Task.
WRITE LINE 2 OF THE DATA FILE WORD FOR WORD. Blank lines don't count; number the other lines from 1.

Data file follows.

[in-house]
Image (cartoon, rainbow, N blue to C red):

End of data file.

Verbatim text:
Image (cartoon, rainbow, N blue to C red):